GPS can inject more fun into any trip and take the stress out of travel. So, instead of worrying about what exit to take, you'll be figuring out what restaurant to try. You'll get from point A to point B and still see everything along the way. Find points of interest, tourist attractions, hotels, restaurants, gas stations, banks and ATMs.
Just running errands around town? Many GPS devices allow you to enter multiple destinations and will figure out the most efficient routes between them.
Stuck making a long daily commute? Most GPS devices offer a subscription to traffic-information services (available for a fee) — helping you detour accidents, construction and other delays.
Also, many marine GPS devices offer optional sonar functionality and subscription satellite weather service (both available for a fee).
10. How do I tell the GPS where I want to go?
Navigation systems offer easy-to-use touch screens to enter your destination. Save time by simply selecting your destination city, and then typing in a specific street address. Most GPS devices offer a "predicitive text" feature that gives suggestions for city and streets names after only a few letters.
Along with finding the most direct route to your destination, your GPS will also offer specific points of interest — like tourist attractions, restaurants, hotels and gas stations.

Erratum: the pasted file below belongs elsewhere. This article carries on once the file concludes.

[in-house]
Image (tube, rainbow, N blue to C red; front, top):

11. What is a traffic-information service?
Some systems offer the option of a subscription traffic-information service. This can be an invaluable tool for long trips and the daily commute. Traffic services can warn you of accidents, construction, sporting events and more along your programmed route. Your GPS will provide the best detour options to get around all the highway snags. At this time, only select metro areas have traffic-information services available.
12. What else should I consider?
- Size and weight — GPS devices come in a variety of shapes and sizes, from rugged handhelds for the outdoors enthusiast to add-on receivers for PDAs.
- Antennae — Most portable units come with built-in antennae, but stationary models may require externally mounted antennae.
- Accessories — If you plan to use your GPS in your car, consider using a cradle or mounting brackets to hold your system. For portable devices, you'll want to get a GPS carrying case.